Get Wild: Creating connection with nature to combat climate change
When we are constantly barraged by news of natural disasters caused by climate change, despair is a natural reaction.
Last month’s wildfires in Boulder County, drought and extreme weather are climate change at our front door. These disasters can create despair and hopelessness, which can lead to feeling paralyzed and to inactivity. We need to reconnect daily to nature to remind ourselves why nature is worth protecting and gain the inspiration to make us proactive in protecting the natural world.
While the climate crisis is extremely daunting, we know that the fear and hopelessness in our world is the exact opposite of what we need. Older environmental groups have been criticized for resorting to fearful data and statistics to try to initiate climate solutions. This same approach to climate change created a lot of destruction of our planet in the first place.
The inability to control the ever-changing dynamics of the Earth have motivated more destruction because of our natural reactions to nature’s unknowns. For example, the widespread use of chemical pollutants for food production or our need to provide a molded, landscaped and perfect version of nature that feels safer and less out of our control.
When we are scared of nature’s capabilities, especially with climate change, we are more likely to avoid connecting with nature, which leads to more destruction. We are part of nature; however, as climate disasters increase, we may view nature as separate from ourselves even more so. What if we used this heart-wrenching information as a source of inspiration to deal with climate change?
How do we create a different perspective and connection with the natural world? Simply spend time deeply befriending nature, not as a human doing but a human being. We are part of Mother Nature’s shifts and unknowns. By creating a personal connection with the Earth, we can approach the unknowns with more strength, humility and acceptance. With more acceptance, we can take a stance of hope for a healing world and be less likely to run away from the hardships of our world.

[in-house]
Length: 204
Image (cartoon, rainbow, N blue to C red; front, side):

Developing a connection to nature is one of the best ways to not only cope with climate change but also to find purpose for positive climate action.
Get outside every day and take a mindful ski, hike or walk to observe something in nature that feels like it reflects a part of yourself. For example, maybe you look out at Buffalo Mountain and see the way it reflects your strength, resiliency and shining structure. Maybe on your walk you find deep gratitude for the smallest of things you might not have noticed before. It might inspire you to move into your life with more acceptance and gratitude for the way nature naturally creates a world of beauty and destruction.
This destruction in our world opens the door for new life just in the way that our world’s current standing is an invitation for us to live a better, more reciprocal life with nature. Notice your exhale breath that enables a tree to take in carbon while the tree’s exhale gives us oxygen. Take in the simple treasures like the glistening snow and bluebird skies. Appreciate the Steller’s jay’s ability to survive in a Summit County winter.
Let these practices inspire you to shift the way you live and what you support. This mindfulness can provide us with a deeper connection to where we live with more hope and positive action for the future.
“Get Wild” publishes on Fridays in the Summit Daily News. Kaylin Lilly is a member of Eagle Summit Wilderness Alliance, an all-volunteer nonprofit that helps the U.S. Forest Service protect and preserve the wilderness areas in Eagle and Summit counties. For more information, visit EagleSummitWilderness.org.
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